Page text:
Nimbus, 1 CD
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Although music as a medium for the illustration of natural phenomena has always been a source of fascination for Sibelius, who regarded his seven symphonies as the backbone of his oeuvre, composed (like Beethoven, Brahms and Tchaikovsky) just the one violin concerto. He did begin work on a second during the First World War, but only the Humoresques Opp. 87 and 89 survive from this period. The composition of the Violin Concerto in D Minor was itself one of Sibelius' more protracted battles. Unlike Brahms, who had to rely on his friend the celebrated virtuoso Joseph Joachim for expert technical advice, Sibelius was all too familiar with his instrument.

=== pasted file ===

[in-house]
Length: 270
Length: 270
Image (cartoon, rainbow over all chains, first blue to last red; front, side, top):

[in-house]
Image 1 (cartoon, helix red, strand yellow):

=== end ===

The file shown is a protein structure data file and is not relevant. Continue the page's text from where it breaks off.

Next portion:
Permanently in debt, and not infrequently intoxicated, Sibelius seems to have lacked the creative confidence to complete the work. Like the Fifth Symphony, it would require extensive revision before reaching its definitive form in 1905. At a crucial stage in the composition of the last movement, Aino Sibelius had to call upon the conductor Robert Kajanus to help extricate her husband from the Konig - a notorious all-male restaurant-cum-drinking club. Further deadlines came and went as Sibelius fought to compose a concerto for the kind of virtuoso he had himself dreamt of being. He was his own Joachim, even if he was no longer active as a player. With the fervent nostalgia of so many passages betraying the intensity of the struggle, the extraordinary formal cohesion overall is a very special victory ...
|1||1. Allegro moderato||15:36|
|2||2. Adagio di molto||8:11|
|3||3. Allegro ma non tanto||7:29|
|4||1. Allegro con fermazza||13:59|
|5||2. Andante sostenuto||11:26|
|6||3. Allegro vivace||9:42|